Traditional basketball rules established by FIBA dictate that each team consists of 12 players, with 5 players being in play on the court at any time, and the rest on the bench available for substitution.
This rule is adopted by the Olympics and most basketball leagues around the globe.
The NBA Plays By Its Own Rules
The NBA is one of the most polarizing and entertaining sports leagues in the world. From high-flying dunks to dazzling assists, the NBA has transcended into must-watch TV over the last decade.
American basketball leagues like the NBA and NCAA have a tendency to set their own rules, which effect everything from game duration to, you guessed it, team size.
To fully understand the elite athletic feats and overall excellence put forth on a nightly basis, it’s important to understand how these players come to be in the NBA, and what makes up an NBA roster enabling them to shine.
15 Players on a Roster (13 active, 2 inactive)
In the offseason, NBA franchises are allowed to have up to 20 players signed on their roster. But once the season commences, this number is cut to 15 players, and on any given night, an NBA team can have up to 13 ‘active’ players with two remaining ‘inactive’.
The reason NBA front offices are allowed to have more than their regular season roster in training camp, is due to fringe individuals being given a chance to make the squad before the season tips off.
For many, these are players who have struggled to find a permanent home elsewhere, players from overseas, or individuals who have shined in the NBA’s developmental “G-League”.
In addition to the 15-man roster during the regular season, organizations are able to have 2 players on two-way contracts on their books. Two-way contracts are usually given to younger players who the front office believe are developing on schedule, and these individuals can play between both the NBA franchise and their G-League affiliate. Additionally, the salaries of two-way contracts are stipulated by how many minutes they play for each outfit.
NBA Hardship Exception
While the roster size of 15 players is more or less set in stone, the NBA does demonstrate flexibility in exceptional circumstances.
If a team has 4 or more players who have missed 3+ games due to injury or illness and are expected to miss more games in the near future, they could be granted a hardship exception. This allows them to add another player to their roster, which would temporarily increase their roster size to 16 players.
Deciding Which Players are Active and Inactive
As we’ve established, NBA teams are able to have up to 13 ‘active’ players to choose from on game day. The decision on whether a player will be active or inactive is determined by the team’s coaching staff, which put together an active roster before tip-off.
More often than not, these decisions are straightforward, as injuries are a common occurrence that forces players to be inactive for extended periods. Other instances in which players are inactive can be their inability to be in the rotation, suspensions, health and safety protocols, or approved absence away from the team.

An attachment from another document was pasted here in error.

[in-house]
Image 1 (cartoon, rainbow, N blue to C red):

Not All Active Players Will Have Minutes on the Court
With that being said, despite having up to 13 active players at his disposal, NBA head coaches will usually only rotate between 9 to 10 players during a game, resulting in active players not seeing any minutes and registering a DNP (did not play – coaches decision) in the box score.
This is common across most sports and certainly isn’t exclusive to basketball. Some active players are on the bench purely as a backup or to make up the numbers, but aren’t expecting to play unless any special circumstances develop.
The 5 Basketball Positions in a Team
With a fundamental understanding of an NBA roster and it’s active participants, it’s also important to appreciate the detailed and intricate nature of roster construction.
As it’s commonly known, an NBA starting line-up is made up of a Point Guard, Shooting Guard, Small Forward, Power Forward and Center.
With these positions, come unique responsibilities and duties on the hardwood, and each player performs a vital role in the overall success and function of the team.
A Point Guard for example, is usually the franchise’s primary ball handler, facilitator and playmaker. In general, his main objective is to run the team smoothly, getting his teammates involved and to score as a secondary obligation.
In essence, a Shooting Guard’s responsibility is to shoot and score, a Small Forward’s objective typically entails a mixture of offensive and defensive output as the team’s best athlete, a Power Forward is considered a “big” that also helps on both sides of the floor, and a Center patrols the paint, protects the rim, catches lobs and is a high-level rebounder.
Of course, given the incredible skillsets of today’s NBA players, these positions and responsibilities have become interchangeable and fluid, but the rudimental nature has somewhat remained.
Striking the Right Balance in a Team Roster
Whilst some league office rules present challenges for front offices to build rosters, there is no rule that dictates how many players a team must have in any given position. As such, teams are permitted to fill their rosters as they see fit, with an emphasis on what the team requires to win and be competitive against their peers.
For championship level teams, there will be a harmonious balance to their roster construction, striking the perfect blend of stars, emerging young talent, experienced veterans and a noticeable approach to address team deficiencies.
All in all, it’s safe to say the process in putting together a success NBA team is a tall task that requires a significant amount of planning and considerations.
Lucky for us, we simply enjoy the end product and appreciate the greatness we see on a nightly basis throughout the association.